This is a reminder that challenges to our small businesses can come from anywhere and some may be out of our control. But how would a small business minimize the impact of outside forces?
Diversification - it's always a good idea to have a diverse book of business. Providing different kinds of goods, or services in more than one market segment can help prevent catastrophic changes. Small businesses that only have government contracts may be in for a rough time.
Cash on hand - it's good to have a reserve. Yes, sometimes it is very difficult to set up a reserve for your small business but you can use a budget to help build a reserve. Want to know how long you can operate on cash reserve only? Take the total cash you have and divide by your average total monthly cash outflow and multiply the result by 22 for the average number of workdays in the month. This will let you know how many days worth of reserve you have.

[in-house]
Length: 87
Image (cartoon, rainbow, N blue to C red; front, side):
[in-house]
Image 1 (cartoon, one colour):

ex. (Total cash on hand/Average monthly cash outflow) x 22=days worth of reserve
Keep your customers informed - if the work you perform for your clients includes working with government or federal agencies let your clients know that services may take a little longer. Keeping your clients informed or resetting timelines will help with customer experience.
Emergency reduction plan - do you have an emergency plan for your small business? Would you know which expenses are essential to your business and which you can cut or delay? Having a plan for surviving reduced work or business can help if a situation comes up. It would be no different than an exit plan in the event of a fire. You hope there will never be a fire, but you know what you need to do and where to go if there is one.
Sometimes you will never know when a threat to your small business can come or where it can come from. But making sure your work is diversified, having a reserve and having a plan for such situations can help you and your small business survive challenging times.